Is it possible to create a building with very low or almost non-existent consumption? This is the goal the European Union imposed upon its member states when the Directive 2010/31/EU was dictated, and it established that all buildings created from 2020 on shall be nearly zero-energy buildings (nZEB) and, if these buildings are public, they will have to comply with this directive before 2018.

What are nearly Zero-Energy Buildings?

The new European Directive set out a new concept of building with very high efficiency levels, the nZEB. These structures shall use zero or very low energy levels, and, to a large extent, the energy should originate in renewable sources, whether it is energy produced by on-site renewable sources or environmental green energy sources, leaving non-renewable resources aside.

How are building regulations approved?

The average thermal demand ratio required by a new building will be the reference that will measure its energy efficiency, and will be based on the use of heating, refrigeration and air-conditioning. So, the incorporation of automatic doors becomes essential to control temperature and air leaks in all buildings with nZEB Certification.

This thermal demand will be expressed by an energy efficiency ratio and a numerical indicator for primary energy consumption.

Who is responsible for the measurement criteria?

Despite being a European guideline, the international organisation has left each member state in charge of the specification of what a nZEB is. According to the last European Union’s factsheet, the current situation for the application of the directive is as follows:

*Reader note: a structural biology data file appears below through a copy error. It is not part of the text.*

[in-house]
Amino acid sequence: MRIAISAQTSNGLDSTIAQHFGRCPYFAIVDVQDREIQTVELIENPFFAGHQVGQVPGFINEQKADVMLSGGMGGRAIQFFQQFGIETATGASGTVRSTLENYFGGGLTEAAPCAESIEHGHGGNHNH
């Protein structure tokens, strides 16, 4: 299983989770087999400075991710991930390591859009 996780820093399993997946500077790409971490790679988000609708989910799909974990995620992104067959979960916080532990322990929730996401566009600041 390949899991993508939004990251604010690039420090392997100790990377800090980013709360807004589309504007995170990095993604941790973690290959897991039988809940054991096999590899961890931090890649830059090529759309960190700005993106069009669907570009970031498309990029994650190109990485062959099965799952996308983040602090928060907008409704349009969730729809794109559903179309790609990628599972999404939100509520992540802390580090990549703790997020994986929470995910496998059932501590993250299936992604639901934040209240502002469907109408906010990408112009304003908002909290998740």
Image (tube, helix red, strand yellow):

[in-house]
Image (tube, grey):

• 15 countries have already made public the features of their new buildings: Austria, Belgium, Croatia, Cyprus, Czech Republic, Denmark, Estonia, Ireland, Latvia, Lithuania, Luxembourg, Holland, Rumania, Slovakia and United Kingdom.
  • 3 countries have regulations pending approval: Bulgaria, Italy and Slovenia.
  • 12 of the member states have not developed any regulations yet: Finland, France, Germany, Greece, Hungary, Malta, Poland, Norway, Portugal, Spain and Sweden.

The role of Manusa and its automatic doors

At Manusa, we are aware of the need for the adaptation of buildings to such important and ambitious regulations dealing with environment, as well as for our economy. This is the reason why we devote innovation and technology to our automatic doors without exception, with the purpose to make them as efficiently as possible.

It is proved that faster opening and closing speeds that prevent doors from remaining open more time than strictly needed, and always according to safety rules, is the best way of optimizing energy efficiency through entrances. In this way, we make the most of air-conditioners, heaters or refrigerators, keeping high sustainability and energy efficiency levels, while at the same time making users’ access easier through our automatic doors.